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To start, I have a situation where I have some matrix, for example

$$ A=\left[ \begin{matrix} 4&2&2&3&3\\ 2&3&1&2&3\\ 3&0&4&0&4\\ 1&4&1&1&2\\ 1&3&4&1&4\\ \end{matrix} \right] $$

and I would like to count how many adjacent elements there are. Adjacent elements can be up, down, left or right. For a pair to be valid the numbers have to have the same value. For example $\left(A_{1,2},A_{1,3}\right)$ is a valid pair because the are both $2$ and they are next to each other. I need a way to count the defined adjacent element pairs on a matrix of size $n$.

eg.

$$ \left[ \begin{matrix} 2&2&3\\ 3&2&3\\ 2&1&1 \end{matrix} \right] $$

There would be 4 pairs in this matrix.

I thought about converting the matrix into some sort of graph with "weighted vertices" however I had no clue on doing so. It would have then made it a matter of counting arcs. So how would one produce a function that takes in a matrix and spits out the number of pairs (by my definition) it contains?

I am unsure whether or not I have tagged this correctly.

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Question is not clear to me, e.g., would the 2-4 elements of which there are four pairings in your example count as 1 total? –  rasher Jan 16 at 21:03
    
@rasher Apologies about ambiguity I changed it. I also added an example –  Alizter Jan 16 at 21:05
1  
If I understand correctly, this should accomplish the count you want. I treat a row, e.g, of x,x,x as two pairs. Try it and reply... (Count[{Differences /@ #}, 0, Infinity] + Count[{Differences /@ Transpose[#]}, 0, Infinity]) &[yourMatrixHere] –  rasher Jan 16 at 21:28
2  
A one-liner: Count[Flatten@{Differences[a, {1,0}], Differences[a, {0,1}]}, 0], where the matrix is a. –  Szabolcs Jan 16 at 21:46

4 Answers 4

Following @rasher 's idea, you could do

countAdjRows=Count[{Differences @ #}, 0, Infinity]&;

countAdj=countAdjRows@# + countAdjRows@Transpose@# &

Or, maybe speed it a little bit by counting with Unitize as @belsarius's superbly suggests

countAdj= -Total[Unitize@Differences@# - 1 & /@ {#, Transpose@#}, Infinity]&;

Or @Szabolcs magestic one-liner

countAdj= Count[Flatten@{Differences[#, {1,0}], Differences[#, {0,1}]}, 0]&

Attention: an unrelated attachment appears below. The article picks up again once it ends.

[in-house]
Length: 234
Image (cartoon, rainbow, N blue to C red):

Some Code Golf:

Count[Differences /@ {#, #\[Transpose]}, 0, 3] &
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You don't need to map Differences, you can use it directly. E.g. Count[Flatten@Differences[a], 0]. –  Szabolcs Jan 16 at 21:45
    
@Szabolcs it just counts in the other direction, which is perfect anyway. Editing –  Rojo Jan 16 at 21:47
1  
-Total[Unitize@Differences@# - 1 & /@ {m, Transpose@m}, 3] –  belisarius Jan 16 at 21:47
    
@belisarius I expected that subtracting one to a whole matrix would be slower but no. I don't deserve any credits for this –  Rojo Jan 16 at 21:49
    
I wonder if there isn't a ListConvolve kernel that can count both horiz and vert matches in one pass –  belisarius Jan 16 at 21:54

This method generates all neighboring position-pairs (according to nontoroidal Neumann neighborhood) and then checks whether any of these position-pairs is a valid pair (i.e. identical) or not.

size= 5;
mat = RandomInteger[{1, 5}, {size, size}];
close = Cases[Tuples[Tuples[Range@size, {2}], {2}],
         {{a_, b_}, {c_, d_}} /; (a==c && b==d-1) || (a==c-1 && b==d)]
pairs = Cases[close, _?(SameQ @@ Extract[mat, #] &)]

Grid[mat, Background -> {None, None, Thread[# -> Hue[.66, .2]]}] & /@ pairs
{{{1, 2}, {1, 3}}, {{1, 4}, {1, 5}}, {{2, 2}, {2, 3}}, {{2, 4},
    {2, 5}}, {{2, 4}, {3, 4}}, {{3, 4}, {4, 4}}, {{5, 4}, {5, 5}}}

Mathematica graphics

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Nice answer there! –  rasher Jan 16 at 22:52

This uses pattern-based rather than numeric methods and therefore will not be highly efficient, but I like the style.

f[a_?MatrixQ] :=
  Module[{h, pad},
    h[{{i_, x_}, {y_, _}}] := Count[{x, y}, i];
    Developer`PartitionMap[h, a, {2, 2}, 1, 1, pad] ~Total~ 2
  ]

Test:

a = {{4, 2, 2, 3, 3}, {2, 3, 1, 2, 3}, {3, 0, 4, 0, 4}, {1, 4, 1, 1, 2}, {1, 3, 4, 1, 4}};
m = {{2, 2, 3}, {3, 2, 3}, {2, 1, 1}};

f /@ {a, m}
{6, 4}
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Nice approach ! –  belisarius Jan 17 at 14:28
    
@belisarius Thanks. :-) –  Mr.Wizard Jan 17 at 14:32
1  
Stylish +1! Why pad the array and not stop before going over the borders? Also, adding the $ in the Module seems like a good idea –  Rojo Jan 17 at 14:56
    
@Rojo Because I'm stupid and/or lazy? :o) Good ideas! –  Mr.Wizard Jan 17 at 15:00
1  
@Rojo Actually I don't think I can avoid the padding in a single Partition operation, unless I'm missing something. There is only one wasted check, for the lower right corner; all other overlaps are valid. –  Mr.Wizard Jan 17 at 15:04

Position of pairs:

posf[u_] := Module[{a, at, p1, p2},
  {a, at} = Position[Differences /@ #, 0] & /@ {u, Transpose@u};
  p1 = {#, # + {0, 1}} & /@ a;
  p2 = {#, # + {1, 0}} & /@ (Reverse /@ at);
  Join[p1, p2]]

Test matrix:

mat={{3, 5, 2, 2, 5}, {4, 2, 2, 1, 3}, {1, 2, 2, 1, 1}, {1, 1, 4, 1, 
  5}, {3, 2, 2, 3, 4}};

enter image description here

posf[mat]

yields:

{{{1, 3}, {1, 4}}, {{2, 2}, {2, 3}}, {{3, 2}, {3, 3}}, {{3, 4}, {3, 
   5}}, {{4, 1}, {4, 2}}, {{5, 2}, {5, 3}}, {{3, 1}, {4, 1}}, {{2, 
   2}, {3, 2}}, {{1, 3}, {2, 3}}, {{2, 3}, {3, 3}}, {{2, 4}, {3, 
   4}}, {{3, 4}, {4, 4}}}

Visualizing using:

Map[Function[x, 
  Grid[mat, Background -> {None, None, # -> LightRed & /@ x}]]
 , posf[mat]]

enter image description here

To obtain the count:

Length@posf[mat]

In this case yielding: 12.

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